Solid State Voltage Stabiliser

By Adeeb Raza


Control power supply

Circuit diagram of control supply circuit is shown in Fig. 3. The 230V, 50Hz AC mains is stepped down by transformer X1 to deliver a secondary output of 24V, 500 mA. The transformer output is rectified by full-wave rectifier BR6, filtered by capacitor C9 and regulated by IC 7812 (IC12), which provides a 12V DC output. C10 and C11 provide further filtering. LED1 acts as the power indicator. Resistor R23 acts as a current limiter.

When capacitors used in the output are more than 10 μF, it is necessary to protect the regulator IC using diode (in this case, D11), in case their input is short to ground. Unregulated DC supply voltage is used for input sensing by IC1 for controlling the steps of mains transformer through solid-state relays.

Fig.3: Power Supply
Fig.3: Power Supply

Mains transformer

The mains transformer used here is an auto-transformer with tappings of 120V, 152V, 184V, 216V, 248V and 281V, respectively (as shown in Fig. 2). All the tappings are connected with the voltage control solid-state relays to provide respective voltages. The tap at 216 volts is connected directly to the output.


A single-side PCB for the solid state voltage stabiliser is shown in Fig.4(View as PDF) and its component layout in Fig.5(View as PDF). The total circuit of solid-state voltage stabiliser can be assembled on a PCB. All the BT136 triacs need to be fixed on suitable heat-sinks with mica and insulated nut-bolts to isolate them. To begin with, the setting of solid-state voltage stabiliser is done without connecting mains transformer as described below.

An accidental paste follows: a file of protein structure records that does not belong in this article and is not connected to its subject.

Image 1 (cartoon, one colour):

Download PCB and component layout PDFs (Fig.4, 5): click here

1. Use a variable voltage transformer having 0 to 300 volts range and a digital voltmeter (3½-digit) for measurement of mains power supply.

2. Connect this solid-state voltage stabiliser with variable transformer starting from zero volts setting. Increase voltage slowly from 0 to 120 volts

3. Set variable voltage transformer output of 120 volts with the help of digital voltmeter

4. Set low voltage setting preset VR2 of IC-LM3914 so that only LED1 glows

5. Now set the transformer at 281 volts with the help of digital voltmeter

6. Set high voltage setting preset VR1 of IC1 so that all LEDs from LED1 through LED10 can glow

7. Set the transformer at 184 volts and check the LEDs

8. Set the transformer at 248 volts and check the LEDs

9. Move variable transformer from 120 to upside and check solid-state relay output one by one with the help of a test lamp of 220V, 40W. Also see table of CD4556.

10. Connect mains transformer tappings to solid-state relays with great care at proper tappings.

11. Now connect digital voltmeter to output socket and check the voltage with variable transformer from 120V ~ 281. the output should remain 220V

12. Connect test lamp as a load and check voltage variation. Now the solid-state voltage stabiliser is ready for use with a load of 1KVA.

EFY note

Male and female pin type power connectors may be used to connect mains transformer tapping with solid state relays on PCB. Bar graph LED voltmeter connection also provides male and female pin connection from PCB to front panel of the stabiliser.

The article was first published in January 2010 and has recently been updated.


  1. Sir solid state voltage stabilizer is false project please dont put such a false project which is not working it creates nuissance to students

  2. This is a fake project. The guy who says he made it and tested is lying. The basics of electronics is missing. How can on use a bridge rectifier like a relay? How does enabling the bridge rectifier turn on the transformer tapping? No wonder a lot of people are moving away from EFY. It was a good magazine back in the 90s but now it is not worth it.


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